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Med Clin N Am 90 (2006) 837847

Frailty
John E. Morley, MD, BCha,b,*,
Matthew T. Haren, PhDa,b,
Yves Rolland, MDc, Moon Jong Kim, MDd
a

Division of Geriatric Medicine, Saint Louis University School of Medicine, 1402 South Grand
Boulevard, M238, St. Louis, MO 63104, USA
b
Veterans Aairs Medical Center, GRECC, #1 Jeerson Barracks Dr., St. Louis,
MO 63125, USA
c
Department of Internal Medicine and Geriatrics, Hopital La Grave-Casselardit,
31300 Toulouse, France
d
Department of Family Medicine, Pochon CHA University, 351 Yatap-dong, Bundang-gu,
Sungnam-si, Kyonggi-do, 463-712, Seoul, South Korea

Introduction
The concept of older people becoming frail is not a new one. The ability
to dene frailty in a clinically meaningful manner has remained elusive,
however. Frailty can be considered to occur when under stressful conditions
an individual has diminished ability to carry out important practiced social
activities of daily living. It represents a form of predisability and, as such,
needs to be distinguished from functional impairment [1,2]. Recently, Linda
Fried and her colleagues at Johns Hopkins University have developed objective criteria for the diagnosis of frailty [3,4]. These are: weight loss of more
than 10 lb in one year, physical exhaustion by self report, weakness as measured by grip strength, decline in walking speed, and low physical activity.
The importance of the recognition of frailty is that frail people are more
likely to be precipitated into disability by exposure to a stressor (eg, inuenza or death of a spouse). Early intervention to reverse some of the aspects
of frailty may delay the onset of disability in an older person (Fig. 1).
The development of frailty depends on the interaction of disease
processes with the normal physiologic processes of aging. Genes, environment, and lifestyle all play a role in the pathway to frailty. In the nal analysis, frail people usually have an excess loss of functional muscle associated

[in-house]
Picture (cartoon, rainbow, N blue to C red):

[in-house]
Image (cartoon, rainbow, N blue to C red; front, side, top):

* Corresponding author. Division of Geriatric Medicine, Saint Louis University School
of Medicine, 1402 S. Grand Blvd., M238, St. Louis, MO 63104.
E-mail address: morley@slu.edu (J.E. Morley).
0025-7125/06/$ - see front matter 2006 Elsevier Inc. All rights reserved.
doi:10.1016/j.mcna.2006.05.019
medical.theclinics.com

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Age Related Physiological Deterioration

- Exercise

Socialization

- Adequate Nutrition

Mental Activity

Disease Processes
e.g., anemia, heart failure

Frailty

Stressful Event

Recovery

e.g. influenza
death of a spouse
fall

Recovery
Functional Decline

Disability

Hospitalization

Institutionalization

Death

Fig. 1. The frailty cascade.

with some decline in executive function. Pain, by limiting a persons ability


to exercise, is often an important precipitant of frailty. Diseases that limit
a persons cardiopulmonary function (eg, congestive heart failure, anemia,
or chronic obstructive pulmonary disease), those that interfere with muscle
function (eg, diabetes, peripheral vascular disease, and polymyalgia rheumatica), weight loss, and impaired executive function (eg, depression and
cognitive deterioration) all interact to produce frailty.

Sarcopenia: a central factor in the pathophysiology of frailty


Sarcopenia is the age-related loss of muscle mass [5]. It is derived from
the Greek sarx for esh and penia for loss. It has become conventional

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to consider an older person to be sarcopenic when the lean body mass is less
than two standard deviations of the sex-specic mean in a young healthy
sample. Operationally, this can be dened using the following formula derived from measurements using dual-energy x-ray absorptiometry: Appendicular skeletal mass/height2.
These measurements fail to take into account the quality of muscle and
with aging there can be a marked uncoupling of muscle cross-sectional
area and muscle ber strength. Also, there has been increased awareness recently that with aging there is fat accumulation in muscle (myosteatosis),
which results in a decline in muscle function. Using this denition, the prevalence of sarcopenia is approximately 12% for adults 60 to 70 years of age
rising to 30% by 80 years of age. In most studies, the development of sarcopenia is associated strongly with increased disability, gait and balance disorders, and mortality [6,7]. Muscle strength also declines with aging [8].
A second concept is that whereas obese people often have a larger lean
body mass than normal weight people, a small subset actually are sarcopenic. This group has been called the sarcopenic obese or the fat frail.
In the New Mexico Aging Process Study obese sarcopenia was found to
be the best predictor of future disability and mortality [9]. The risk for developing disability in this prospective study was 2.63. Obesity, in the absence
of adequate exercise, is a cause of frailty [10].
There are multiple causes of sarcopenia (Fig. 2). Genes and early life environment clearly play a role. Several genes have been demonstrated to relate clearly to muscle quality in sports stars. An example that can be